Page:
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MSU researchers call on citizen volunteers to help study coastlines

June 14, 2021
A photo of erosion in Manistee, Michigan. Photo courtesy of Ethan Theuerkauf, Michigan State University.
A photo of erosion in Manistee, Michigan. Photo courtesy of Ethan Theuerkauf, Michigan State University. —
Photo by Courtesy Photo | The State News

The Great Lakes and their coastlines are a vital part of Michigan’s environment, as well as surrounding states. 

Many factors affect coastal communities, including storms, high water levels and human disruption. Consistently monitoring and studying these coastlines can help prevent further problems. 

Ethan Theuerkauf, an assistant professor in the Department of Geography, Environment, and Spatial Sciences as well as a geomorphologist, said that without intervention, climate change will result in habitat loss.

“Our research indicates erosion rates jumped significantly due to how quickly the lake levels rose as opposed to just how high they rose," Theuerkauf said in a press release. "Given that climate change is likely to increase the variability in lake levels moving forward, we anticipate that we will see sustained habitat loss, especially without intervention."

Michigan State University created the coastal thematic research area to study the Great Lakes coastlines in order to understand coastal change and provide information to prevent problems this environment faces.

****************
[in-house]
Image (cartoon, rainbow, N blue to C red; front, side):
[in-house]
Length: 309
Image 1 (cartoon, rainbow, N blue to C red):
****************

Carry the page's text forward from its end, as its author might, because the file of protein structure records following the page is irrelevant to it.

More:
Theuerkauf leads the project and works with a team of two researchers on the project, Elizabeth Mack and Erin Bunting. 

Bunting explained the importance of collecting the coastline data and imagery. 

“Ethan and I, even before he came to MSU, we got chatting about what it means to image the coastlines of what we can do with imagery of the coastline,” Bunting said. “And it became apparent that the imagery was super valuable.” 

The problem became apparent: they needed to collect imagery on a consistent basis.

The team decided to call on the help of “drone-flying citizen scientists” in multiple communities across the state of Michigan to capture imagery year-round. 

The program was created about three years ago but recently applied for a five-year extension from the National Science Foundation.

"The goal to make this a long-standing program," Bunting said. "Collecting this type of imagery for one or two years, while its highly valuable, the better value is if you have a long term time series of imagery."

Currently, the program focuses on six Michigan communities to study their coastline imagery acting as a pilot program in its current stage. 

The program also has a mobile upload website for citizens to upload images if they were to see a coastal hazard, which is then entered into their database. 

“Honestly, the sky’s the limit on the number of citizen scientists we can have on that side of things,” Bunting said. “Collecting those ground-based images helps with our models for forecasting things into the future. And so the more the merrier.”

To take part, all you need is a smartphone and the Citizen Science Imaging website:

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